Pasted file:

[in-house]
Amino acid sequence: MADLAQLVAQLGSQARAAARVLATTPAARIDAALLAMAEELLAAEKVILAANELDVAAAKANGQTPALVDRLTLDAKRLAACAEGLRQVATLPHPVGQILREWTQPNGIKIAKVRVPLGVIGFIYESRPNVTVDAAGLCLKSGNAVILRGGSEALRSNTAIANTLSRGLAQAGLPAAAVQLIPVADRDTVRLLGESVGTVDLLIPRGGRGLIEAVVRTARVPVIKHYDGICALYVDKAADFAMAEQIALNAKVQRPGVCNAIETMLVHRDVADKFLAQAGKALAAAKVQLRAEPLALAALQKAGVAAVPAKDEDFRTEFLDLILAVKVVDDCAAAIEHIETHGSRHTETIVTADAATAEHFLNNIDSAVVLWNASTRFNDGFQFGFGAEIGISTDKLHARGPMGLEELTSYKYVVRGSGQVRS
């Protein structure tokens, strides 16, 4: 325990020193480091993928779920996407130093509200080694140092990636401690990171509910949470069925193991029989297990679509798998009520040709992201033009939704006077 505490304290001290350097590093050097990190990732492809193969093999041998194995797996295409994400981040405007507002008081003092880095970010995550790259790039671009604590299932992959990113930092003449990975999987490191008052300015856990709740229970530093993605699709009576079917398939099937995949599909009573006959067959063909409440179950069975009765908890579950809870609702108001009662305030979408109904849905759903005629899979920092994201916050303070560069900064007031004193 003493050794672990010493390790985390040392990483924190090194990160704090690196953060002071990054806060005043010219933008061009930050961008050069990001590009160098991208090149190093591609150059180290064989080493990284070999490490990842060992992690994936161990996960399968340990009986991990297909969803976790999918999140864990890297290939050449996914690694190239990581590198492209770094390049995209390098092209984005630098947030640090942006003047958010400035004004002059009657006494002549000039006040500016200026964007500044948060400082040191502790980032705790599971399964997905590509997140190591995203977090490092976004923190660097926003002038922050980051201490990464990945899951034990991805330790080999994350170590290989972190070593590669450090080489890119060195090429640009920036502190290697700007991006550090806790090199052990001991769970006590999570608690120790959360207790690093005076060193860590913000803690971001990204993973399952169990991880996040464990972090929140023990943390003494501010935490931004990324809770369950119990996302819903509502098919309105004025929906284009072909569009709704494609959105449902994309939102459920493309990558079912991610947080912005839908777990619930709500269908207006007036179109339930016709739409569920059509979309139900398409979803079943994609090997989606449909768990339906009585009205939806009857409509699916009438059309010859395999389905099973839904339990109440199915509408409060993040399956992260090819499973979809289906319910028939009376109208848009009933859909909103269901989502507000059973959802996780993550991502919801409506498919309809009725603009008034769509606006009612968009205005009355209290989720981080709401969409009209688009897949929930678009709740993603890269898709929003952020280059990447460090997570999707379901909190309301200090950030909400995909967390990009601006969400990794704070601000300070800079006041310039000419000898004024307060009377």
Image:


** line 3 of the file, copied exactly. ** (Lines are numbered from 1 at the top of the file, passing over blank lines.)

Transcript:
């Protein structure tokens, strides 16, 4: 325990020193480091993928779920996407130093509200080694140092990636401690990171509910949470069925193991029989297990679509798998009520040709992201033009939704006077 505490304290001290350097590093050097990190990732492809193969093999041998194995797996295409994400981040405007507002008081003092880095970010995550790259790039671009604590299932992959990113930092003449990975999987490191008052300015856990709740229970530093993605699709009576079917398939099937995949599909009573006959067959063909409440179950069975009765908890579950809870609702108001009662305030979408109904849905759903005629899979920092994201916050303070560069900064007031004193 003493050794672990010493390790985390040392990483924190090194990160704090690196953060002071990054806060005043010219933008061009930050961008050069990001590009160098991208090149190093591609150059180290064989080493990284070999490490990842060992992690994936161990996960399968340990009986991990297909969803976790999918999140864990890297290939050449996914690694190239990581590198492209770094390049995209390098092209984005630098947030640090942006003047958010400035004004002059009657006494002549000039006040500016200026964007500044948060400082040191502790980032705790599971399964997905590509997140190591995203977090490092976004923190660097926003002038922050980051201490990464990945899951034990991805330790080999994350170590290989972190070593590669450090080489890119060195090429640009920036502190290697700007991006550090806790090199052990001991769970006590999570608690120790959360207790690093005076060193860590913000803690971001990204993973399952169990991880996040464990972090929140023990943390003494501010935490931004990324809770369950119990996302819903509502098919309105004025929906284009072909569009709704494609959105449902994309939102459920493309990558079912991610947080912005839908777990619930709500269908207006007036179109339930016709739409569920059509979309139900398409979803079943994609090997989606449909768990339906009585009205939806009857409509699916009438059309010859395999389905099973839904339990109440199915509408409060993040399956992260090819499973979809289906319910028939009376109208848009009933859909909103269901989502507000059973959802996780993550991502919801409506498919309809009725603009008034769509606006009612968009205005009355209290989720981080709401969409009209688009897949929930678009709740993603890269898709929003952020280059990447460090997570999707379901909190309301200090950030909400995909967390990009601006969400990794704070601000300070800079006041310039000419000898004024307060009377």